@Silver hr: You just forgot one detail: many users have abandoned the project and others are not even present to protect the page from vandalism. It is important to note that all articles and pages in any domain are public and from the moment a user decides to watch a page, he is transferring his account to the public pages of the project. A good example is the edits that users make on a page, it is recorded in the edition history; and when the article is deleted? Administrators and eliminators have access to their deleted edits, which shows that users have no page ownership and they all assign their accounts to public project pages. In addition, the vote has not yet started, so the narrative of who not everyone agrees with me may seem fallacious, before we know who understood the purpose of the proposal, which is to bring more transparency to the pages, with administrators as reliable users for management their. WikiFer msg 14:56, 1 December 2020 (UTC)[reply]
    @WikiFer: If it is true that the actual purpose of this proposal is being able to know if there are active watchers for a particular page, why do you not want a solution where server software determines that instead of exposing a list of watchers? OTOH, if the above is not true, what is the actual purpose of this proposal? ("bring more transparency to the pages" is vague and undefined; please state the purpose in practical terms--perhaps with an example.) Silver hr (talk) 15:16, 1 December 2020 (UTC)[reply]
    @Silver hr: But the proposal is precisely to create a special page for administrators to have access to information who has watched a particular page (proposal title). If you look at the proposed solution, I presented examples with two articles on how the proposal will be applied. At no time does the proposal refer to a single user's watchlist, you misunderstood. As for the transparency of the pages, it is already detailed in the proposal that this information on a specific page will be more evident to know if an article will be well protected or not from watchers in the fight against vandalism. Remembering that many accounts are absent or abandon the project, but the user continues to watch the page as if it were active, which is not true. Just look at the whole proposal. WikiFer msg 15:40, 1 December 2020 (UTC)[reply]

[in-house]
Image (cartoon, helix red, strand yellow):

@WikiFer: You have not answered my questions. I'll try again, just to be very clear.
    1. Do you want to know if there are active watchers for a particular page? (Yes / No)
      1. If Yes, what use case do you have where having the server tell you that directly is not good enough? Please answer succinctly and concretely.
      2. If No, for what other reason do you need the list of watchers for a particular page? Please answer succinctly and concretely.
    --Silver hr (talk) 16:11, 1 December 2020 (UTC)[reply]
    1. Yes, I wish that all administrators (sysops) have access to a list of everyone who watches over a particular page of the local project.
      1. The current server does not prove, according to the number of watchers in the article, who is still available in the project to combat possible vandalism in the article or a similar page of the project. For this reason, the server created by the developers will be in the special page format, that is, currently administrators on English Wikipedia use "Unwatchedpages" to access unwatched pages. In my proposal, the server created will also be similar: "Userlistwatchedpages".

I answered all your questions above? The proposal is very simple and will regulate only what the administrators already have in their hands, which is to have access to unwatched pages; this time, having to check the pages with watchers to check whether the page is liable to vandalism based on active or inactive users. WikiFer msg 17:06, 1 December 2020 (UTC)[reply]